As this was the second day of the school year, we started to get more into our daily routine. Today, classes switched for the first time as I welcomed Ms. Eiger’s class while my class had her for math. Classes are for an hour at a time so I had to move quickly with introductions and going over expectations.
Literacy will be divided into two portions: reading and writing. For the first two weeks, we will be focusing on the Launching Literacy Unit, which goes over good strategies to use while reading as well as getting them into the literacy mindset. After that, we will shift our focus to realistic fiction and I will begin doing rotations.
Rotations? The students will be separated into 5-6 groups, and each group will have its weekly rotations schedule where they will go to different stations. One station will be meeting with me in their small group but others will involve reading independently (that’s why I have those nice chairs in the corner), reading to each other, comprehension activities, etc. Essentially, all but one of the stations will require students to be responsible and independent.
Writing will also be an introduction over a two week period. I actually have always enjoyed teaching writing since students get to write about things that are meaningful for themselves.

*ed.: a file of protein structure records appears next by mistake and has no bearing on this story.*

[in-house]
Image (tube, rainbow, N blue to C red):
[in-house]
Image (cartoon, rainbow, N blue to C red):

What we did in literacy was to set up the notebooks for reading and writing. We discussed the concept of agency in which one can set and achieve a goal with enough determination. In writing, each class came up with four expectations for their writing communities.
In science, we didn’t do an experiment but instead focused on scientific thinking and looking for fallacies (errors/flaws) in logic. The students had a warm-up in which three statements making faulty claims were shown to them. Their task was to read each statement and determine the flaws in the claim.
Here are the statements and an explanation in parentheses:
Then, we did an activity called Dihydrogen Monoxide. Each student was given a handout with a brief article on the connection between dihydrogen monoxide and cancer. After reading over the text, the class was surveyed to see if dihydrogen monoxide should be banned or not and why. Most voted for the ban. Then, I revealed to them that dihydrogen monoxide is really nothing more than a different name for water! H2O = di (2) hydrogen mono (1) oxide (oxygen). Then, the class was asked to think about why they chose the ban, especially since all of text was technically true. We then talked about how people can be led into false beliefs based on inaccurate information. We also discussed pseudoscience.
The final activity was another faulty statement for them to ponder.
“Misti claims that eating too much sugar can cause a lot of health problems. Ha! Her favorite place to eat is Taco Bell! Why should I believe someone who likes to eat at THAT place every now and then???” Basically, the idea was that how a person is, is irrelevant to the stated facts.